This is why you never throw out old fishing books…

pile of books

Photo by Pixabay on

You tend to see most fishing tips going in this line of work, so anything you haven’t seen before always comes as a pleasant surprise.

Looking for information on tadpoles last week, I discovered a book in the depths of the TF library that I had no idea was there – Introducing Fly Fishing in South Africa.

It was penned 44 years ago by English-born John Beams, who has been described as “one of South Africa’s legendary fly fishing pioneers”. Among the section of general tips with which he closes the book were three new ones on me, although I accept that could just be because I’m woefully under-informed:

“When crossing a swollen river use your rod to give you balance. Hold the rod out and submerge as much of its length as possible just under the surface. This will act as [a] stabiliser…

“…when crossing fast water, don’t put one foot in front of the others you do when walking. Having found a good foothold with one leg bring the other level with it, using the static leg as a shield against the force of the current.

“If, when wearing waders you get a footfull of cold water, don’t empty it out. It will be warmer to retain the trapped water until you reach your car or home.”

How much pomp and circumstance do we give a fishery?


Pic courtesy of Chris Glover

In this touching piece on Sir Edward Elgar and a fishing centenary (prompting me to bring the composer’s Cello Concerto up on Spotify as I type) I was taken with the writer’s thoughts on trout water hierarchy…

“In 1918 there was only one lake at Little Bognor, to call it a pond is an injustice. A pond is something found in a suburban garden, it conjures up visions of gnomes and goldfish. Curiously, Little Bognor has two ancient stone gnomes, hidden memorials to Sir Edward and his wife. Moreover, Little Bognor was built to provide a constant flow of water to the Upper Mill. It was therefore a millpond. Nevertheless, I prefer to call it a lake.”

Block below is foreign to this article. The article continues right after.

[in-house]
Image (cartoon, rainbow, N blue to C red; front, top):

It’s a subjective thing, so I don’t look to second guess this opinion, but personally, I can live with ‘pond’ as a fishing label for anything up to an acre or two, and not just because an angling writer needs all the synonyms he can get to stop his copy growing stale. ‘Pond’ can lend a certain charm, I think, and not merely diminish. It carries overtones of glades, grottos, secrets and undiscovered magic.

‘Lake’, I reserve for the big stuff, and I inwardly groan whenever I have to speak of a ‘reservoir’, which has a functional, charmless ring to it. ‘Pool’ serves me well for anything in between.

And I am thankful all the while that on this side of the Atlantic, we are spared the popular, yet numbingly literal American moniker of ‘hole’. Had they called it On Golden Hole, something tells me Henry Fonda would have died still awaiting his Oscar.

Fishing vehicle? I’m inclined to take the bus…

pexels-photo-191327.jpegJust one of those days when the fly fishing newsfeed happens to churn out polar opposites of the same theme.

At the premium end, hard on the wheels of the Bentley Bentayga [TF487] comes Rolls-Royce’s debut in the SUV market and I have to say I’m underwhelmed. You can’t stick that iconic grille on just any automobile genre and think, “Nailed it…”

Well you can, but I’m not sure you’re right. Looking at the Cullinan is like looking at the family butler as he whizzes past you on a skateboard on his day off, complete with back-to-front baseball cap. Something’s not right.

Give me Sam Soholt’s inventiveness instead, transforming an old school bus into a field sports motorhome with a difference. I was about to refer to it as the ‘budget’ end of this mechanical tale but mulling over the costs his labour of love is likely to have incurred, you’re probably looking at half a Jag’s worth, as it is.

Float-tubing and awkward questions

Float tube

Pic courtesy of kasperbs

I’m no fan of Americanisms slavishly adopted this side of the Atlantic, particularly if they make no grammatical sense. I must confess, however, to having an hypocritical soft spot for the American pronunciation of ‘buoy’.

Not only do I like the sound of ‘boo-ey’ but it at least has a certain logic to it.

My fondness for it only deepened this week, as I struggled against the prevailing wind on a northern reservoir, in what was my first experience of float-tubing. Still acquiring the correct flipper technique, I could feel myself drifting further away from the harbour than was ideal, as a fresh breeze pressed against my back.

Noting my travails, one of my fellow tubers shouted across the widening stretch of water between us.

“Would you feel better being tied to a buoy?” he asked, unfortunately using the British pronunciation.

Suddenly, I was delighted to be so far out of anyone else’s earshot.

‘Boo-ey’. We need to give it some serious thought.